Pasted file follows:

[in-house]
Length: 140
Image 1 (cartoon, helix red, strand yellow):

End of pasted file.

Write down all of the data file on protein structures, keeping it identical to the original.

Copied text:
[in-house]
Length: 140
Image 1 (cartoon, helix red, strand yellow):